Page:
The eastern half of the nation is about to get a full taste of summer two weeks ahead of meteorological summer, which begins on June 1, and six weeks ahead of astronomical summer, which will officially arrive on June 20. AccuWeather meteorologists are forecasting temperatures to surge well into the 80s F over much of the region later this week and into this weekend -- and a few locations may experience their first 90-degree temperature of the season so far.
Although temperatures have come close in many areas of the East, there have only been a couple of 90-degree readings near the Gulf and along portions of the southern Atlantic coast. For example, a few locations in southeastern Virginia hit 90 on May 4.
In Washington, D.C., and Philadelphia, which have not yet hit 90 this year, the last time temperatures climbed into the upper 80s was on April 28.
On the same day in April, New York City hit 85, which was its highest temperature so far this year. The Big Apple is forecast to peak in the middle 80s later this week, but temperatures could flirt with 90 farther south along I-95 and I-85.
Even Atlanta hasn't hit the 90-degree benchmark yet this season. The closest the city came so far in 2021 was 86 F on April 13. The nation's capital has climbed closer to the mark, with an 88-degree reading on April 28.
It is getting to be that time of the year for some summery conditions and 90-degree temperatures, AccuWeather forecasters say.
"The average first 90-degree day is May 22 in Charlotte, North Carolina; May 24 in Philadelphia and May 31 in Atlanta," AccuWeather Meteorologist Matt Benz said.
The average first dates for 90-degree temperature readings are based on data over the 30-year period from 1991 to 2020. The National Oceanic and Atmospheric Administration's (NOAA) and National Climatic Data Center (NCDC) recently reviewed and updated "normal" temperature and climate variables for the U.S. -- a process that's done every 10 years.
"These locations and others will make a run at 90 late this week and this weekend, while widespread highs in the 80s are foreseen even where the temperature may stop just short of 90 from parts of Vermont, New Hampshire, upstate New York and Michigan to northern Georgia, upstate South Carolina, western North Carolina and Tennessee," Benz explained.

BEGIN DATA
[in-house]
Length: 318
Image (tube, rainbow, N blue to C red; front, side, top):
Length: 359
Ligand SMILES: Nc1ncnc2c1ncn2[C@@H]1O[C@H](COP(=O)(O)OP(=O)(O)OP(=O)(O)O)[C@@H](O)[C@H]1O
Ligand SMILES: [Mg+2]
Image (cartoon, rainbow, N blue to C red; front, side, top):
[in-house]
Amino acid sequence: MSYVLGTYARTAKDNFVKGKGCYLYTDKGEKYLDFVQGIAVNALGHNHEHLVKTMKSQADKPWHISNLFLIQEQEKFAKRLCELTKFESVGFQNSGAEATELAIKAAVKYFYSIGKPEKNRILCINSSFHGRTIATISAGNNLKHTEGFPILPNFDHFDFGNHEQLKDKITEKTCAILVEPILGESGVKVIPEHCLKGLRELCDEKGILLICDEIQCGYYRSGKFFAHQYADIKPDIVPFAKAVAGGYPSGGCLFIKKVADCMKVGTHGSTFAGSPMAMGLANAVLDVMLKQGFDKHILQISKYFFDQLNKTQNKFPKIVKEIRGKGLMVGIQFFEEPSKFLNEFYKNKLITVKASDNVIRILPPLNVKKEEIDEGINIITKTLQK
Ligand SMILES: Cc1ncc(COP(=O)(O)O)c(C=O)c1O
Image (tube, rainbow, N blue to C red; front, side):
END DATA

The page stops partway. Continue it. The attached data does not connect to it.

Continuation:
However, average temperatures during the middle to the latter part of May range from the middle 60s in northern New England and the central Great Lakes to the lower 80s in the Interstate-20 corridor of the Southeast states.
Temperatures that began to trend above average during the first part of this week will end up close to July-like levels by the end of the week and over the weekend. Even in northern Maine, temperatures could make a run at 80.
The warmth will surge across the northern tier sooner than areas in the Carolinas and Georgia, however. There is the likelihood that temperatures will make a run into the middle to upper 80s in Burlington, Vermont, before places such as the I-95 mid-Atlantic and points farther to the south. There is even a remote chance that Burlington will hit 90 before cities such as Philadelphia, Washington, D.C., and Charlotte.
There will be some cooler spots adjacent to the Atlantic Ocean, its bays and right along the shores of the Great Lakes. Temperatures where a breeze blows off the water can be 10-20 degrees lower than farther inland or where the wind manages to blow toward the water, rather than toward land. Due to an onshore breeze from the Atlantic, highs in Boston most days are forecast to be in the 70s this week and this weekend.